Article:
3. Capps is actually probably comparable, but again, did anyone see that as being a good deal.

    These are exceptions that are far from the norm. Why didn’t Toronto move Kevin Gregg last year? Do you think Dotel will be as successful as him as a Blue Jay?

    Dotel’s dominating K rate looks a whole lot less dominant when you compare it to walks instead of innings. And ESPN reported that Dotel specifically signed with the Jays because they would give him the opportunity to close.

  13. There is no real downside to spending $3.5M on Dotel and plenty of upside if things go well (as they did with Gregg in 2010). I fail to see the issue.

    • I’d much rather see that $3.5 million go toward a signing bonus for a Central American prospect rather than to an extraneous reliever who can’t get left handed hitters out.

  14. By that logic I’d rather they dump somebody like Camp for someone making the MLB minimum and give that extra 1m to an international FA or to a 5th rounder looking for top10 $. There’s no proof that giving Dotel 2.75m limits AA’s ability to work the amateur market.

    • Shawn Camp made just over a million dollars, and is already on the team when they went out and added Dotel for a guaranteed $3.5 million. It’s a completely different scenario that you’re trying to twist to suit your argument.

  15. Can you explain why you’d prefer Qualls to Dotel?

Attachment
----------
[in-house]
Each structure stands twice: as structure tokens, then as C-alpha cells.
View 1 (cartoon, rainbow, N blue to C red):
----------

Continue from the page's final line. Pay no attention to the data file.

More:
I understand you’re looking at peripherals but that 7+ Era looks pretty nasty.

    • From: http://blogs.thescore.com/mlb/2010/12/22/reliever-roulette-dont-bet-on-dotel/

      Qualls’ 7.32 ERA last season is largely inflated by his awful .399 BABIP, which is part of the risk you take in acquiring a ground ball pitcher. His 4.13 FIP is a better indicator of the type of season he had. At 32, there is some slight regression in his strikeout rate, but his bread and butter sinker hasn’t dropped significantly in velocity since his dominant 2008.

      It should also be noted that Qualls’ 2009 season ended early when a Jason Michaels comebacker dislocated his knee cap, and resulted in a torn meniscus and quad muscle. From 2007 until then, Qualls put together a 8.38 K/9 and induced ground balls 57.3% of the time. Over that same period, he had slightly more success against left handed batters than righties.

  16. Ari